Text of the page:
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 charles dickens vI

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عدد الرسائل : 114
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تاريخ التسجيل : 26/01/2009

مُساهمةموضوع: charles dickens vI   الثلاثاء يناير 27, 2009 9:26 pm

Literary style
Dickens's writing style is florid and poetic, with a strong comic touch. His satires of British aristocratic snobbery—he calls one character the "Noble Refrigerator"—are often popular. Comparing orphans to stocks and shares, people to tug boats, or dinner-party guests to furniture are just some of Dickens's acclaimed flights of fancy. Many of his character's names provide the reader with a hint as to the roles played in advancing the storyline, such as Mr. Murdstone in the novel David Copperfield, which is clearly a combination of "murder" and stony coldness. His literary style is also a mixture of fantasy and realism.


Characters

Charles Dickens used his rich imagination, sense of humour and detailed memories, particularly of his childhood, to enliven his fiction.Dickensian characters—especially their typically whimsical names—are among the most memorable in English literature. The likes of Ebenezer Scrooge, Fagin, Mrs. Gamp, Charles Darnay, Oliver Twist, Micawber, Abel Magwitch, Samuel Pickwick, Miss Havisham, Wackford Squeers, and many others are so well known and can be believed to be living a life outside the novels that their stories have been continued by other authors.[citation needed]

Dickens loved the style of 18th century gothic romance,[citation needed] although it had already become a target for parody.[citation needed] One "character" vividly drawn throughout his novels is London itself. From the coaching inns on the outskirts of the city to the lower reaches of the Thames, all aspects of the capital are described over the course of his body of work.


Episodic writing
As noted above, most of Dickens's major novels were first written in monthly or weekly instalments in journals such as Master Humphrey's Clock and Household Words, later reprinted in book form. These instalments made the stories cheap, accessible and the series of regular cliff-hangers made each new episode widely anticipated. American fans even waited at the docks in New York, shouting out to the crew of an incoming ship, "Is Little Nell dead?"[18][19][20] Part of Dickens's great talent was to incorporate this episodic writing style but still end up with a coherent novel at the end. The monthly numbers were illustrated by, amongst others, "Phiz" (a pseudonym for Hablot Browne). Among his best-known works are Great Expectations, David Copperfield, Oliver Twist, A Tale of Two Cities, Bleak House, Nicholas Nickleby, The Pickwick Papers, and A Christmas Carol.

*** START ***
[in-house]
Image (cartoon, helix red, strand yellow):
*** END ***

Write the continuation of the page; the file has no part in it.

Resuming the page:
"Charles Dickens as he appears when reading." Wood engraving from Harper's Weekly, 7 December 1867Dickens's technique of writing in monthly or weekly instalments (depending on the work) can be understood by analysing his relationship with his illustrators. The several artists who filled this role were privy to the contents and intentions of Dickens's instalments before the general public. Thus, by reading these correspondences between author and illustrator, the intentions behind Dickens's work can be better understood. What was hidden in his art is made plain in these letters. These also reveal how the interests of the reader and author do not coincide. A great example of that appears in the monthly novel Oliver Twist. At one point in this work, Dickens had Oliver become embroiled in a robbery. That particular monthly instalment concludes with young Oliver being shot. Readers expected that they would be forced to wait only a month to find out the outcome of that gunshot. In fact, Dickens did not reveal what became of young Oliver in the succeeding number. Rather, the reading public was forced to wait two months to discover if the boy lived.

Another important impact of Dickens's episodic writing style resulted from his exposure to the opinions of his readers. Since Dickens did not write the chapters very far ahead of their publication, he was allowed to witness the public reaction and alter the story depending on those public reactions. A fine example of this process can be seen in his weekly serial The Old Curiosity Shop, which is a chase story. In this novel, Little Nell and her Grandfather are fleeing the villain Quilp. The progress of the novel follows the gradual success of that pursuit. As Dickens wrote and published the weekly instalments, his friend John Forster pointed out: "You know you're going to have to kill her, don't you." Why this end was necessary can be explained by a brief analysis of the difference between the structure of a comedy versus a tragedy. In a comedy, the action covers a sequence "You think they're going to lose, you think they're going to lose, they win". In tragedy, it is: "You think they're going to win, you think they're going to win, they lose". The dramatic conclusion of the story is implicit throughout the novel. So, as Dickens wrote the novel in the form of a tragedy, the sad outcome of the novel was a foregone conclusion. If he had not caused his heroine to lose, he would not have completed his dramatic structure. Dickens admitted that his friend Forster was right and, in the end, Little Nell died. [21]


Social commentary